THE BLOG
10/02/2014 07:59 pm ET Updated Dec 06, 2017

Science Hack Day: Serious Fun in the Making

What happens when you take upwards of 200 people -- old, young, some formally versed in science and technology, others armed only with enthusiasm and open minds -- place them in the same room, and give them 48 consecutive hours to form teams and design and build scientific projects of their own choosing?

What happens is a lot of cool stuff. A ukulele-strumming robot. A personal planetarium. A mobile app that monitors acceleration and fuel usage in your car in order to motivate safe and efficient driving. And countless other contraptions and applications, all using openly available data and all demonstrating the magic that can result when different people and ideas are allowed to bounce off one another in spontaneous, serendipitous ways.

Spontaneity and collaboration are the watchwords of the global grassroots movement known as Science Hack Day. From its beginnings in 2010, Science Hack Day has now spread around the world, with more than 30 gatherings held in a dozen countries, including China, Cyprus, Russia, Colombia and Madagascar. This year's fifth annual event in San Francisco will take place on October 4th and 5th.

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Science Hack Day in Kerkrade, Netherlands (source: Discovery Center Consortium)

No matter the setting, the program for a Science Hack Day is the same: People from disparate backgrounds, such as designers, developers and programmers, along with people whose lack of formal scientific training doesn't interfere with their creative zeal to harness technology, all gather together in one space. What follows is a two-day, all-night marathon as teams design, construct and demonstrate their creations. The aura of good-natured competition is embodied in a closing awards ceremony, with prizes that include "Best Design," "People's Choice," and "Judges Would Like to Own."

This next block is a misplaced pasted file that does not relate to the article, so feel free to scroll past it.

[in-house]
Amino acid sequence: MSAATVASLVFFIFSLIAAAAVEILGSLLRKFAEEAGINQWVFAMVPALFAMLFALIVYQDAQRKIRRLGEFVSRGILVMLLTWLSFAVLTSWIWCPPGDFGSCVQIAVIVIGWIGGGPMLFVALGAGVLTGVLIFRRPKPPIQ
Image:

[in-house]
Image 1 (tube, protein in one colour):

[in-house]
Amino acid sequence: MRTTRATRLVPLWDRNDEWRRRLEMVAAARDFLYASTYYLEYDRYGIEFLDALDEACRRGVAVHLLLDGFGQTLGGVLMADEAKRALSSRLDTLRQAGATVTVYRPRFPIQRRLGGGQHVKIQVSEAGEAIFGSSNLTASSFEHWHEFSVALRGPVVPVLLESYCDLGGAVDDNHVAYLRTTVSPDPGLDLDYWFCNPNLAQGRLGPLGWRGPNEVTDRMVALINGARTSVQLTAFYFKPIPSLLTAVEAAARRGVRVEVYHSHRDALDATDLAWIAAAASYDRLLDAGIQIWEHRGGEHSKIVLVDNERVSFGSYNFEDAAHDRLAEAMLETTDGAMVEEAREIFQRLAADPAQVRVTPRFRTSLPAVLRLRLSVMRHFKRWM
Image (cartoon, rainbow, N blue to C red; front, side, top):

At last year's Science Hack Day in San Francisco, the "People's Choice" and "Best Use of Data" prize went to "Symphony of the Satellites," whose designers used openly available data on all the satellites currently in Earth orbit. These data were translated into musical values -- velocity into the pitch of different notes, altitude into tempo -- for a resulting composition that was literally celestial in origin.

The spirit of Science Hack Day is perhaps best embodied by its global director (or "global instigator," as her website notes), Ariel Waldman. Originally a graphic designer by training and profession, Waldman nevertheless harbored a love of science and a belief that science and technology should be, as she puts it, "disruptively accessible" to everyone. An impulsive letter to NASA inquiring about any pertinent job they might have resulted in a surprise: a position with the agency, working to bridge NASA scientists and engineers with the public in envisioning the future of space exploration.

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Science Hack Day in Medellín, Colombia; Ariel Waldman featured on far left (source: Matt Biddulph)

Today, Waldman lectures on behalf of public participation and empowerment in science. And, in the spirit of the event itself, she has openly published instructions on how to hold a Science Hack Day.

Among the science hacks that Waldman's observed, her own favorite is a "Beard Detector," fashioned by a Web developer who used a USB-connected microscope to precisely track the length of facial hairs to detect when a shave is necessary. This invention, while seemingly frivolous, aptly illustrates the potential of Science Hack Day: A physicist who saw the Beard Detector demonstration realized that the technology would serve perfectly for a classroom-appropriate "cloud chamber," the forerunner of today's vast and complex structures for detecting subatomic particles. Thus, Science Hack Day facilitated a serendipitous encounter, an unexpected tangent for an application and the potential birth of a new tool for science education.

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Science Hack Day in Antananarivo, Madagascar (source: Matt Biddulph)

Science Hack Day is primarily a volunteer movement, supported by corporate sponsorship. Thomson Reuters EndNote, the leading software for researchers, librarians and students to find, publish and manage bibliographies, citations and references, is a global sponsor, underwriting this weekend's event in San Francisco and those to come.

It's impossible to predict the creations that will spring forth when people gather in the spirit of participation, collaboration, and benign anarchy at the next Science Hack Day, but the results are certain to be inspired, and inspiring.

Click here to learn about upcoming Science Hack Days.